No code has such a dark history as Louisiana’s Black Code. The Code noir was introduced in Louisiana in 1724, based on earlier codes developed in French Caribbean colonies. The French laws about slavery gave greater rights to slaves than their British and Dutch counterparts. Slave owners were required to baptize their slaves in the Catholic faith and to give them Sundays off for worship. They were forbidden from severe mistreatment. Slaves were allowed to marry and separation of families was not permitted. However, Louisiana’s law differed from the law in the Caribbean in several negative ways. Interracial marriage was prohibited. Slaves could no longer be freed at their master’s discretion; instead, the Superior Council approval was required to grant all requests for freedom. Freedom could not be granted out of mere generosity. The Council required an extraordinary reason for freedom.
When Governor Alejandro O’Reilly, the second Spanish governor, arrived in 1764, he replaced all of the existing French law, including the Code noir, with Spanish law. Spanish slave law was found in multiple documents and additionally was influenced by customary practice. The Spanish law was more lenient than French. Most significantly, Spanish customary law allowed slaves to purchase their freedom, even over the objection of their master. They could also petition the courts for release from extremely cruel masters. Though Spanish law appears on its face to be far more generous than French law, it actually had the effect of further stabilizing and entrenching slavery. Because slaves had the right to self-purchase, they were less likely to participate in insurrections and more inclined to work hard in their free time, in order to save money to purchase their freedom. These customs were not officially law until Governor Francisco Carondelet issued a decree legalizing these customs in 1795.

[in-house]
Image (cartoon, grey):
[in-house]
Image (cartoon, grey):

As part of a systematic attempt to gain greater control over their own governance, the first territorial legislature of Louisiana enacted its own Black Code in 1806. As the legislators were overwhelmingly French, the new Black Code was much more French in nature than Spanish. Louisiana’s Black Code is often described as more lenient than other slave states. This is somewhat true as French slave law was harsher than Spanish but not as harsh as British and Dutch. Slaves could no longer compel their masters to allow them to purchase their freedom as they could under Spanish law, but they were allowed to enter into contracts to do so (the only form of contract they could legally make). They could no longer petition the courts for freedom from cruel mistreatment. Only a criminal conviction allowed the slave to request to be taken from a cruel master, but even this was not allowed in any way in other states. Masters were still required to give Sundays off, could not separate young children from their mothers, and were required to care for the old and disabled. In some ways though, Louisiana slave law was worse than other states. Punishment for crimes by slaves was much more severe in Louisiana’s Black Code. Also, even though Louisiana’s Black Code was more lenient, it is not clear whether the ameliorative portions of the law were enforced in actual practice.